Other transmitted disease organisms include murine typhus via fleas (also probably via droppings and urine), infectious jaundice/leptospirosis/Weil’s Disease via urine in water or food, rat-bite fever via bites, trichinosis via undercooked pork, and food poisoning or Salmonellosis via droppings. Another problem is tropical rat mite dermatitis that is caused by these mites when they feed on humans.
Roof rats are primarily nocturnal in habit and colonies contain some members that are very cautious. Although they constantly explore their surroundings, they shy away from new objects and changes. Roof rats prefer to nest in the upper parts of structures, but may be found under buildings as well as occasionally in basements and sewers. Outdoors, they prefer to nest in higher places such as in trees but may occasionally be found in burrows in or under vegetation around the structure. These are social animals but less so than Norway rats. Several nests may be located within a given area. An opening of greater than 1/2″ (12 mm) is required for entry into buildings.
Although they will eat practically anything, roof rats prefer naturally-occuring seeds, nuts, fruits, and berries when in season. If available, they feed on slugs and snails, which may become a large part of their diet. They also feed on insects including American, brown, and smokybrown cockroaches. If they live near waterways, roof rats will feed on fish, shellfish, and other aquatic organisms. Around human structures and livestock operations, they will go after any easily available food. If the eaten food material proves dis- agreeable, they are quick to develop food/bait shyness. Once they find an acceptable/preferred food, rats tend to return time after time.
Roof rats typically feed at dusk and again prior to dawn, although they will forage several times each night and during the daytime. They forage in family groups of up to 10 rats. Roof rats prefer to feed in situations that give them protective cover. They do cashe all kinds of food and seeds in natural cavities or structural voids. Roof rats tend to eat smaller amounts of food in several places, a behavior somewhat between that of a house mouse and Norway rat.
Roof rats do not distribute themselves evenly throughout the grounds/property and/or structure, but prefer to locate in clusters in arial areas or in the upper regions of structures. Once established indoors, roof rats tend to follow the same route or pathway between their harborage and food and/or water sources. Runways along vertical surfaces will usually include dark rub or swing marks on the vertical surface where their fur makes contact. Their runways will be free of debris, and outdoors, the grass will be worn away to the bare soil.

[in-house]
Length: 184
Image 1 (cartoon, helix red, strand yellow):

The key to any rat control program is pest identification, sanitation, harborage elimination, and rat-proofing the building. Control is based on the behavioral habits of the roof rat. Some of the more important things to remember are:
Rats defecate where they spend most of their time. Use rat droppings as an indication of where to concentrate the control efforts. Nontoxic tracking powder can also be used to determine where they are most numerous.
Roof rats commonly travel up to 300 ft ( 91.5 m) for food and/or water along established runways. Look for rub/swing marks and clean runways. Place traps or bait stations along runways and against vertical surfaces. Glue boards wired to traveled pipes, rafters, etc. are effective.
Roof rats feed several places, but they feed in groups of up to 10 rats. Place sufficient bait in each bait station for at least 1 meal (stop-feed baits), 2 meals (acute/single-feed baits), or more (chronic/multi-feed baits), but make more placements than for Norway rats.
Some colony members are cautious. Minimal disturbance is desirable when putting out traps and/or bait stations. Prebaiting with unset snap traps or prebaiting with nontoxic bait in bait stations may be necessary. Tie the bait down on the trigger of snap traps with unsented/flavored dental floss.
Roof rats prefer fruits, vegetables, and cereals. Use such high-carbohydrate baits. Bait the center of glue boards and snap traps with such foodstuffs or with a large cockroach with its legs removed.
Rats usually have a water source other than their food if their food has a low moisture content. Liquid baits are particularly effective when their normal water source can be reduced or eliminated.
Glue boards harvest primarily juveniles and adults usually escape. Use glue boards in addition to other methods.
Traps and bait stations are more effective if placed in corners (rats slow down for corners), and along established runways. Droppings will indicate the best placement sites.
Roof rats sometimes nest in ground burrows. Outdoors, gassing (fumigating) rat burrows is extremely effective. Follow label directions and do not gas burrows within 15 ft (4.6 m) of an occupied structure, or burrows that may run under or open into an occupied structure.